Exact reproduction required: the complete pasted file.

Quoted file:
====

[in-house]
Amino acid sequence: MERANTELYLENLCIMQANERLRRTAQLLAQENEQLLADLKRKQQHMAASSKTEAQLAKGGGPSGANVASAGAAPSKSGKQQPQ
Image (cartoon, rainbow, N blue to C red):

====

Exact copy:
[in-house]
Amino acid sequence: MERANTELYLENLCIMQANERLRRTAQLLAQENEQLLADLKRKQQHMAASSKTEAQLAKGGGPSGANVASAGAAPSKSGKQQPQ
Image (cartoon, rainbow, N blue to C red):